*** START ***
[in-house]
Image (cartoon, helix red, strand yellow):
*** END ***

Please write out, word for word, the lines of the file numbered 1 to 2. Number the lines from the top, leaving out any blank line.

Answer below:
[in-house]
Image (cartoon, helix red, strand yellow):